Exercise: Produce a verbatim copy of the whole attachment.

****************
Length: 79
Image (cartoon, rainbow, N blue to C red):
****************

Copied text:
Length: 79
Image (cartoon, rainbow, N blue to C red):